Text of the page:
June 14, 2012 § 4 Comments

This is the fifth in a series counting down 10 common-sense practice tips to improve your chancery court trial performance. If you’re a long-time reader of this blog, some of these will be familiar. That’s okay. They bear repeating because they are inside tips on how to impress your chancellor, or at least how to present your case in a way that will help her or him decide in your favor.


Spend some time in trial prep making sure your 8.05’s will do their job.

Your UCCR 8.05 financial statement is often the most important document in evidence. If you have left it to the client to complete without any help, or it is slapped together, it won’t be as effective as one that has some thought and preparation behind it.

UCCR 8.05 states: “Unless excused by Order of the Court for good cause shown, each party in a domestic case involving economic issues and/or property division shall provide the opposite party or counsel, if known, the following disclosures …” And it goes on to spell out what the form needs to include.

Here are some ways to make your 8.05’s more effective:

1. Never present a financial statement that you have not gone over in detail with your client. You have seen hundreds, if not thousands, of 8.05’s, but this is probably the first one your client has ever seen. Why would you think that the client will somehow innately know how to complete it, and how to complete it effectively to aid his or her case?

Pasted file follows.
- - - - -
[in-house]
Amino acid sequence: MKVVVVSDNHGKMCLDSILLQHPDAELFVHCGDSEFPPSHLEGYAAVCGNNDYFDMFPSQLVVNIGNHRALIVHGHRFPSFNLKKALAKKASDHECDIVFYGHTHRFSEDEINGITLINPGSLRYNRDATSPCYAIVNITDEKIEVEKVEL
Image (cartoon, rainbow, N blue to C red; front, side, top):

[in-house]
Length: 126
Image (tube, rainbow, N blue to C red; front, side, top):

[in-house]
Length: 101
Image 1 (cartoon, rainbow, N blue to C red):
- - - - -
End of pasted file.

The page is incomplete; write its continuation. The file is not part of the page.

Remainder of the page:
As part of your trial preparation, question the client’s figures, test his or her mastery of the information on it. If your experience tells you that a figure is unreasonably high or low, question it and make the client defend it. If the client can not defend the number, suggest that the client reconsider it.

And while you’re at it, make sure that your client knows what he or she included in every category. Are there duplications? For instance, if your client charges clothing for the children on her MasterCard, did she duplicate the amount paid on the card in the line for clothing? Don’t just take your client’s figures at face value; inquire about them. I once asked a woman on the witness stand how she came up with $480 a month for entertainment, and she explained that was the amount she had spent the month before for flowers for her aunt’s funeral, and that her sisters were going to reimburse her. When I asked what she usually spent on entertainment, she said $50. In one fell swoop, I lopped $430 a month off of her expenses, diminishing her alimony claim against my client. Her attorney had simply taken her word for the $480 expenditure without questioning behind it.